The Stanford Research Institute's computer work-up for the NFL indicated that of players on offense quarterbacks were the second most likely (behind running backs) players to suffer injury. A preliminary study of 1,002 high school and college players, to be updated this year by the National Athletic Injury/Illness Reporting System, was even more damning. Adjusted to the number of players per position, the NAIRS study indicated that quarterbacks suffered one-seventh of all "significant injuries" (those that cost game time).
As doleful figures go, those would seem a stiff enough price to pay for being sure quarterbacks are not "coddled." Not everyone believes you would "take something from the game" by providing quarterbacks more protection within the rules—protection not against the normal risks of a physical sport, but against legal loopholes and dubious ethics that have allowed a twisted rationale to spread in the game.
Oakland Coach John Madden is a non-believer. Madden rages against rules that have allowed the quarterback to become "not only our most valuable player, but our most vulnerable. We protect our kickers with good rules. You can't run into a kicker legally unless you also block the kick. But you can run into a quarterback anytime after he throws the ball, as long as the referee thinks you were in the act before the ball was thrown. That doesn't make sense to me. It doesn't make sense to protect the kickers more than the quarterbacks."
John Pont, the former Yale, Northwestern and Indiana coach, is not convinced either. Pont wonders about a "new mentality" of coaching where "you make the quarterback the target and kick the hell out of him, whether he has the ball or not."
And neither is at least one quarterback, Seattle's Zorn. "If I don't have the ball," he says, "I sure don't want to get knocked on my tail." Zorn has been in the NFL only a couple of years, so his verbal indiscretions can be excused. He is not, however, unscarred. He suffered a broken cheekbone in 1976 when he "stepped up to throw and at the same time a guy rushing in hit me in the face with his helmet."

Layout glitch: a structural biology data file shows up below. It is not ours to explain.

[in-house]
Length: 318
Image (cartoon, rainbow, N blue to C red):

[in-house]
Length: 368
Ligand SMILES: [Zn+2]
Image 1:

Through the years there have been other such heretics, unwilling to concede these batterings as quid pro quo. Jack Nix, a Santa Ana, Calif. insurance man who played end for the San Francisco 49ers and refereed in the NFL for 10 years, remembers Quarterback Frankie Albert giving opposing linemen sales talks on the subject. "He'd scream at 'em, 'Don't hit me like that! It's stupid! You put me out of the game and you're cutting your own paycheck! People come to see me play!' "
Nix is one of those radical thinkers who believe the open season on quarterbacks today is the worst kind of hoax because it is self-inflicted—a cream pie that football is throwing in its own face. The hoax is complicated, however. It begins with the premise most coaches and players swallow willingly: that a quarterback is just one of 22 men on the field, protected in the same way by the same tidy rules. That is logical, but that is also nonsense.
There are, to begin with, unmistakable physical inequities. Football players have changed markedly since World War II. Everybody is bigger, for sure, but intense weight-lifting programs, in many instances augmented by chemicals, and various strength machines have bulwarked the muscle positions—defensive and offensive linemen, linebackers—with men who are not only bigger but infinitely stronger. Quarterbacks don't lift weights. Coaches make them stop when the season starts, says Bill Yeoman of Houston, "so it won't affect their throwing motion. Linemen, of course, never stop."
The consequence of all this is that what used to be a fairly minor weight differential has grown radically; the quarterback now stands out in every team picture as the one who looks underfed. The Missouri team that played Georgia Tech in the 1940 Orange Bowl had a backfield that averaged 180 pounds—and a line that averaged 189. Wallace Wade's 1926 Alabama Rose Bowl team had an interior line that averaged 195. Fifty years later, Pittsburgh's interior line in the Sugar Bowl averaged 237.
In the last 15 years, the weight of All-America interior linemen has risen an average of 1.3 pounds per year, while backs' weights have stayed about the same. The NCAA estimates that the average interior linemen will be 38% larger than all other players by the year 2000—and considerably more than that when compared to quarterbacks.